PhD in Ancient History, 2001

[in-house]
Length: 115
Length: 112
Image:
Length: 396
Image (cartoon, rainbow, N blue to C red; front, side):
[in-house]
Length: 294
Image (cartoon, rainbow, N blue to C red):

Carlos Noreña's research focuses on the history of the Roman empire, especially in the first three centuries CE. His first book, Imperial Ideals in the Roman West (2011), examined the figure of the Roman emperor as a unifying symbol for the western empire, and argued that the widespread circulation and replication of a particular set of imperial ideals, and the particular form of ideological unification that this brought about, not only reinforced the power of the Roman imperial state, but also increased the authority of local aristocrats throughout the western provinces, thereby facilitating a general convergence of social power that defined the middle Roman empire. In addition, he is co-editor (with B. Ewald) of The Emperor and Rome: Space, Representation, and Ritual, Yale Classical Studies vol. 35 (2010). Professor Noreña also works on the material and visual cultures of the Roman empire; the topography and urban history of the city of Rome; textual production and aristocratic self-representation in the early empire; political thought in the Roman world; and comparative empires. His current projects include An Atlas of Urbanization in the Roman Empire, a collaborative project that aims to produce a series of maps on urbanism, urban networks, and urban connectivity in the Roman world, and State and Society in the Early Roman Empire on the Roman empire as a particular configuration of power. He is also in the early stages of a larger project exploring the relationship between ecology, state power, culture, and social order in the Roman empire.